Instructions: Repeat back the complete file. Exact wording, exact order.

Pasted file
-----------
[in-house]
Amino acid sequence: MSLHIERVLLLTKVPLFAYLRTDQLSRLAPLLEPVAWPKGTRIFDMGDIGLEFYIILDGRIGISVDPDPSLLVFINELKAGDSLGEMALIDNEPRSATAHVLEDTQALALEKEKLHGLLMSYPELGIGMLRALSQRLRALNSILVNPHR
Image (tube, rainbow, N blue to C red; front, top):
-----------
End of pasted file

[in-house]
Amino acid sequence: MSLHIERVLLLTKVPLFAYLRTDQLSRLAPLLEPVAWPKGTRIFDMGDIGLEFYIILDGRIGISVDPDPSLLVFINELKAGDSLGEMALIDNEPRSATAHVLEDTQALALEKEKLHGLLMSYPELGIGMLRALSQRLRALNSILVNPHR
Image (tube, rainbow, N blue to C red; front, top):